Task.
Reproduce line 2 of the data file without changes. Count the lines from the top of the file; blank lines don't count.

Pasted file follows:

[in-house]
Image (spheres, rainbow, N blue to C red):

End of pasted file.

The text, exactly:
Image (spheres, rainbow, N blue to C red):